Cannabis products have been all the rage as of late and topical products are no exception. They are used for pain and inflammation and in skincare. I’m going to give you an overview of the active components of cannabis, the types of oils available and what they’re good for.
First, a little science. Bear with me here, as there has been a lot of confusion created by marketing; either to avoid problems with governments or to fool you, the consumer. There are two types of cannabis plants. First, there’s Cannabis indica which is a typical marijuana plant. Second, there is Cannabis sativa, another type of marijuana plant but also the name for the hemp plant. And most marijuana plants are now hybrids. These plants contain over 100 hundred types of cannabinoids (chemical compounds).
TetraHydroCannabinol (THC) is the best known and is psychoactive (can make you stoned, paranoid, etc.) and can be used for:
CannaBiDiol (CBD) is non-psychoactive and can be used for:
Cannabis or marijuana oil can be made from dried flowers/buds and infused into oil. It can be used as is or in a lotion or balm and applied topically, without a psychoactive effect. THC works topically by binding to our pain receptors and it won’t reach the bloodstream, preventing any psychoactive effects. These oils contain both THC and CBD and relieve localized pain, muscle soreness, arthritis, headaches, cramping and inflammation but are said to be most effective for nerve pain. From my personal experience and from the experience of others, it can start relieving pain in as little as five seconds (and longer, depending on how deep the pain is). The amount of THC and CBD will vary depending on the strain of the cannabis plant used but you can expect 5-27% THC and less than 1-15% CBD in the flowers themselves. The oil would contain less as some would be left behind in the flowers. I can’t confirm the proper naming for the ingredients label but the one I make for my husband I label as Cannabis indica (flower) extract. You may also find Cannabis sativa (flower) extract but remember, this may also refer to the hemp plant.
CBD oil can come from the marijuana or hemp plant and has a higher amount of CBD (18-24%) and less than 0.3% THC. If you’re buying this, make sure you’re getting actual CBD oil and not hemp oil. It should be listed as cannabidiol, full spectrum hemp, hemp oil or phytocannibinoid rich (PCR) hemp extracts in the list of ingredients. You may also find broad spectrum which is full spectrum CBD that is THC free.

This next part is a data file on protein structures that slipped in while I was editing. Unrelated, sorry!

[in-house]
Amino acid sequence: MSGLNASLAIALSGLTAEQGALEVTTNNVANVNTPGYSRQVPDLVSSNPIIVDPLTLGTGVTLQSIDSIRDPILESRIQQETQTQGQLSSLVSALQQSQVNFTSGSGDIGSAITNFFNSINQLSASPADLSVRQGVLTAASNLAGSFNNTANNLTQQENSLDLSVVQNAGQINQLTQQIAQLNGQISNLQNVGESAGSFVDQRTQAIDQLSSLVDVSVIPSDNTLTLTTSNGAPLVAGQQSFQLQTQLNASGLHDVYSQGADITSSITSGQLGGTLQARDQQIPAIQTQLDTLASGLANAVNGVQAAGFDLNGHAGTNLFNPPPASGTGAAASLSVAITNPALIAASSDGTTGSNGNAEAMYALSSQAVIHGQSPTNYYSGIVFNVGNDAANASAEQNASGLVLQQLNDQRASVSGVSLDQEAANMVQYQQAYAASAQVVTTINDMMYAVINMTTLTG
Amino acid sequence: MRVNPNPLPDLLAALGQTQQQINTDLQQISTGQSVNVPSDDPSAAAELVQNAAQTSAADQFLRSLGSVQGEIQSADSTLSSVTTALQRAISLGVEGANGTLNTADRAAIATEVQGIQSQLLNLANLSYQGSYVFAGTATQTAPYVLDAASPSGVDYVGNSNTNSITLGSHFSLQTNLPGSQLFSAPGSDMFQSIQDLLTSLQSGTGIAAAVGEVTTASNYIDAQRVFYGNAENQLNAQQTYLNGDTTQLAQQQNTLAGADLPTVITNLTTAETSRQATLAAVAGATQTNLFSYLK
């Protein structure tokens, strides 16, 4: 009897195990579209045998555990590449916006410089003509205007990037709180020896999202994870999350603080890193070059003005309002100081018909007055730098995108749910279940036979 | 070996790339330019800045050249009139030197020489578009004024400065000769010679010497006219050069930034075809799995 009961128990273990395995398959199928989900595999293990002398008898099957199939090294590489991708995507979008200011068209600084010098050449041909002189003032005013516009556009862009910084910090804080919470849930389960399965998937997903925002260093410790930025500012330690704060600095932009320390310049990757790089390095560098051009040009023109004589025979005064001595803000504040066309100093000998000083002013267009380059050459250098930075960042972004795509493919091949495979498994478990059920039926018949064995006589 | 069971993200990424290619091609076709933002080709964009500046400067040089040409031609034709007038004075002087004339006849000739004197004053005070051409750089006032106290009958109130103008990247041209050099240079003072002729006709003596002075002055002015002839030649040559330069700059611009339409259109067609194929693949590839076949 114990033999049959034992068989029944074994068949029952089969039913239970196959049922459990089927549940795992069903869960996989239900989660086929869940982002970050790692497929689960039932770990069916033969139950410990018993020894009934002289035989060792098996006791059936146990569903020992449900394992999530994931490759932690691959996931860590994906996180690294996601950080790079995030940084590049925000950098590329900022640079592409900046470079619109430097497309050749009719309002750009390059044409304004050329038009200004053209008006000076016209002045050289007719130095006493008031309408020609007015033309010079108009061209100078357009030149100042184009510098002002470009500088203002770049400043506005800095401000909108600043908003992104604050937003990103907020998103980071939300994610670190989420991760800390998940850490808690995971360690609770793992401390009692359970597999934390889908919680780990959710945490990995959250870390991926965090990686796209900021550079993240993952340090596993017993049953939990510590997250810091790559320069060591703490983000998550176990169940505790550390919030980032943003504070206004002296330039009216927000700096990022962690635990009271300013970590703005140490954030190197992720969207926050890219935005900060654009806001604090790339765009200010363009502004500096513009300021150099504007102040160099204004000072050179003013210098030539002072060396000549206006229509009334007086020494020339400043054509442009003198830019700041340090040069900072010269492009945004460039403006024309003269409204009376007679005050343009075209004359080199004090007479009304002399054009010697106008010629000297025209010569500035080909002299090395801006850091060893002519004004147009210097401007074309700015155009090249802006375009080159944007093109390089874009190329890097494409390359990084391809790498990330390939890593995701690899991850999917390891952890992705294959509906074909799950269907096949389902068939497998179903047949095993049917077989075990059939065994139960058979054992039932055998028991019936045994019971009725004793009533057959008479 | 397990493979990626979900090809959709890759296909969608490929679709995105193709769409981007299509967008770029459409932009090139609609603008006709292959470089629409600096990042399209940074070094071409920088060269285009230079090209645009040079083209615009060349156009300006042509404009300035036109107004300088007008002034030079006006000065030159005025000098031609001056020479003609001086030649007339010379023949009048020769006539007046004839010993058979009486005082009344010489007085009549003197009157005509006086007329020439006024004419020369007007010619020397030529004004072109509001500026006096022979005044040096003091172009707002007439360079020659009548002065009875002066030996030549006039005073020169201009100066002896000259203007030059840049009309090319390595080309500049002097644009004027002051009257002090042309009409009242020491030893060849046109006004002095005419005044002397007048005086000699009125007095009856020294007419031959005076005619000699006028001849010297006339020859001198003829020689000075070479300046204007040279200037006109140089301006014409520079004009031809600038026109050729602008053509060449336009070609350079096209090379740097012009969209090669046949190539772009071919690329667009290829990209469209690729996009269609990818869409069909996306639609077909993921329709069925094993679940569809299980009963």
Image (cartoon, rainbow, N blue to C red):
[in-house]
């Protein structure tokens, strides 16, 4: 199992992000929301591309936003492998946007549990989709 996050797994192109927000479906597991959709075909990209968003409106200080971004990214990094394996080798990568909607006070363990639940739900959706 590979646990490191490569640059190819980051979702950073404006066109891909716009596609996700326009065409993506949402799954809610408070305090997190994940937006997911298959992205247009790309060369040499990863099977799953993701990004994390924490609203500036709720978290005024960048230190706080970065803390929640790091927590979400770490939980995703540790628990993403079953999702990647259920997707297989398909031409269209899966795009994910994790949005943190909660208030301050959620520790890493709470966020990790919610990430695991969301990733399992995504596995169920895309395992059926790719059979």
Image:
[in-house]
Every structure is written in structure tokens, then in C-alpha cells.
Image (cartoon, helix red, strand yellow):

Hemp (seed) oil is extracted from the seeds of the hemp plant (a variety of the cannabis plant) and contains less than 0.3% THC and trace amounts of CBD and is high in vitamin E. It’s good for dry, irritated skin and has antioxidant and anti-inflammatory properties. It is used in cooking and skincare products. This is listed as cannabis sativa (seed) oil on the ingredients list.
For skincare, little scientific information is available. Beauty magazines report that CBD is beneficial for acne as it helps with inflammation and decreases sebum production as well as for anti-aging as it contains antioxidants. Many other plant oils have the same benefits and CBD oil hasn’t been proven to be superior to other sources. CBD oil is also said to be soothing and suitable for sensitive skin.
Research has been limited to studies on allergic and post-herpes skin reactions and pain relief. It may help psoriasis, some types of dermatitis and itching, wounds, pimples, corns, certain nail fungus, rheumatism, sore throat, bronchitis, colds, asthmatic problems with breathing, cancer, aging (study was done on mice), etc.
Did you know our bodies produce endocannibinoids? These are similar to cannibinoids and they affect your sleep, mood, appetite, memory, metabolism, pain, inflammation, motor control, stress and reproduction as well as other systems.
20% of the population has a genetic mutation that releases our endocannibinoids into our bloodstream which makes topicals less effective. My observations lead me to believe that people with high pain thresholds, who are happy all the time, good sleepers, frequent eaters and have memory problems are likely to have this mutation.
Our bodies production of endocannibinoids may reduce with age. Eating essential fatty acids (hemp, flax, chia, walnuts, sardines, anchovies, eggs), chocolate, herbs, spices and tea stimulates production. Meditation, yoga, massage, sunlight, masturbation (presumably sex too), exercise, social time and play time also helps. Avoid pesticides, phthalates and moderate to high alcohol consumption which will impact your production.
Now that marijuana products are legal, I have high hopes that more research will be done!
We all know alcohol is bad for us but what about for our skin? Isn’t it drying?
It all depends upon the alcohol. Alcohol is a molecule that contains carbon atoms and an oxygen and hydrogen atom (a hydroxyl group), and their names end in ‘ol’. The one we know best, ethanol (or ethyl alcohol), is a product of fermentation and is drying. Denatured alcohol (where something is added to ethanol to make it undrinkable) is also drying and is used in window cleaner, camp stove fuel, paint removal, etc. Isopropyl alcohol (isopropanol or rubbing alcohol) is created using petroleum-based ingredients or from reducing acetone (TOXNET Toxicology Data Network) and is drying.
Now for the good alcohols. Cetyl alcohol, stearyl alcohol, cetearyl alcohol are fatty alcohols derived from coconut and nuts. These alcohols are emollient, leave your skin soft and smooth and are used as thickeners and co-emulsifiers.